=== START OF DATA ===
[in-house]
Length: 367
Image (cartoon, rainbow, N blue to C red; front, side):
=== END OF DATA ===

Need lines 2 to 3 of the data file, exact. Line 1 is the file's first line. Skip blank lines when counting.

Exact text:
Length: 367
Image (cartoon, rainbow, N blue to C red; front, side):